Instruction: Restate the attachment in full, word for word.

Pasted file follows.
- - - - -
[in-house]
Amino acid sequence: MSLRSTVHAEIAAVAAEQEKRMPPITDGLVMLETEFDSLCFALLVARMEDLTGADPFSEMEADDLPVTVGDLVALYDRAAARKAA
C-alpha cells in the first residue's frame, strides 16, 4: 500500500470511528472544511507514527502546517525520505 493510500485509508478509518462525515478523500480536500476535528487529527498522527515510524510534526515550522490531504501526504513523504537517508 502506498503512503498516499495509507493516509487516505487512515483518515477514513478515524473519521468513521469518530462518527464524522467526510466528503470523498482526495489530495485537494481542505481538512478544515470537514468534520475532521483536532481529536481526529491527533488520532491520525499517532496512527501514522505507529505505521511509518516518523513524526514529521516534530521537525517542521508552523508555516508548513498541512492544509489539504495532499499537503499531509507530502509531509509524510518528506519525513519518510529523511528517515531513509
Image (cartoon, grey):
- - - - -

[in-house]
Amino acid sequence: MSLRSTVHAEIAAVAAEQEKRMPPITDGLVMLETEFDSLCFALLVARMEDLTGADPFSEMEADDLPVTVGDLVALYDRAAARKAA
C-alpha cells in the first residue's frame, strides 16, 4: 500500500470511528472544511507514527502546517525520505 493510500485509508478509518462525515478523500480536500476535528487529527498522527515510524510534526515550522490531504501526504513523504537517508 502506498503512503498516499495509507493516509487516505487512515483518515477514513478515524473519521468513521469518530462518527464524522467526510466528503470523498482526495489530495485537494481542505481538512478544515470537514468534520475532521483536532481529536481526529491527533488520532491520525499517532496512527501514522505507529505505521511509518516518523513524526514529521516534530521537525517542521508552523508555516508548513498541512492544509489539504495532499499537503499531509507530502509531509509524510518528506519525513519518510529523511528517515531513509
Image (cartoon, grey):